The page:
Wednesday, 30 May 2012

How to put your best foot forward

A head-hunter called me this week.  They wanted to meet me before agreeing to represent me.
As I am very keen to be offered more freelance work, I was thrilled.
The more I thought about how important it was that I make a good impression, the more the inside of my head looked like a fight scene in a Hanna-Barbera cartoon.

These were some of my Tom and Jerry thoughts:

I need this interview to go well.  I was very anxious at the last interview. I am a failure. I don’t want to be doing this anyway. Advertising has an unfair age-ceiling. I don’t deserve a lovely job. My expectations are too high. I’m beating a dead-horse. If only I was brave enough to make cold-calls. If only I had better self-esteem.  The only thing standing in the way of getting a new job is my inability to control my anxiety. My career is over. Etcetera.  Etcetera.

But for some unknown reason, on the morning of the interview, I had a wild and crazy thought.
This is what it was:

This interview is just another interview out of the thousands I’ve had in the business. Probably nothing will happen as a result of it. Let’s see how it feels as I go in, while I’m in it and how I feel after it. Let’s just be curious about what I experience moment to moment.

I became more interested in the experience of the journey than the purpose of the journey.

I let go of trying to control the outcome.

This is what happened on the day of the interview

On the way there, I watched myself on the train getting a little anxious about leaving behind my portfolio which was next to my feet. I picked it up and put it on my lap.

I watched myself get a bit thirsty. I stopped and bought myself a bottle of water.

I watched myself worrying about getting lost and being late. I asked for directions.

As I met the two recruiters, my bracelet and sunglasses flew across the room as I stood up to shake their hands. I watched myself quickly regain my composure.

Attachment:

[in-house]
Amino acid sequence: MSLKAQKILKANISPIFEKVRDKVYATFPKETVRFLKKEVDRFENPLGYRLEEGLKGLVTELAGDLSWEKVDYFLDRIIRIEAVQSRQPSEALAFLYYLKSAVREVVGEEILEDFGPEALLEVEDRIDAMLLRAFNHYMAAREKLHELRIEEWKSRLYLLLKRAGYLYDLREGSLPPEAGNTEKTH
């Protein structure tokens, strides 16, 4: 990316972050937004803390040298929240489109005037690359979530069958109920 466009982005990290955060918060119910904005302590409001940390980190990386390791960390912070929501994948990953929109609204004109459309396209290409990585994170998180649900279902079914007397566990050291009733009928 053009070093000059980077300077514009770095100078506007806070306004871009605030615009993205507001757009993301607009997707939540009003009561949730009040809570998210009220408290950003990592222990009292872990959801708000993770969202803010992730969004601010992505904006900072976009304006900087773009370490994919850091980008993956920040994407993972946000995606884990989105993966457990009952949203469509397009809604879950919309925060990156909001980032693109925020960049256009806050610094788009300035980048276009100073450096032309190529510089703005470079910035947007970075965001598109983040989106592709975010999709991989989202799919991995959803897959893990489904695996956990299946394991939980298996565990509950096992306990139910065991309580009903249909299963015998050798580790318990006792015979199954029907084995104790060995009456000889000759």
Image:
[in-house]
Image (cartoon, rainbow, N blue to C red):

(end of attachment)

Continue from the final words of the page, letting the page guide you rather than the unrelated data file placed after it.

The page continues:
We went upstairs and sat on the roof terrace in the sun. It was hot. I drank the water I had bought earlier.

I watched myself being dynamic, clear, confident and graceful.

I learned what Just Do It means.
It means don’t look ahead. Look now.
Because that is where the power is.
When I let go of the outcome, the path rose up to meet me.
I suspect it works for most things.

Unhappily married? Let go of the outcome. Listen quietly and non-judgementally to yourself moment by moment. Talk (or don’t talk) from that place.
Feeling fat? Let go of the outcome. Listen quietly and judgementally to yourself moment by moment.  Eat (or don’t eat) from that place.
Feeling anxious? Let go of the desired outcome of freedom from anxiety. Listen quietly and non-judgementally to yourself in the moment.  Have your anxiety; it doesn’t have to have you.

You know that scene in Indiana Jones and the Last Crusade, where he needs to cross a chasm and suddenly he sees the invisible path that will take him across?
It’s a great metaphor for what happens when you see that the goal is an illusion,
that the past and the future are irrelevant,
that the only power you have is in this moment,
putting one foot in front of the other.

Summer Supper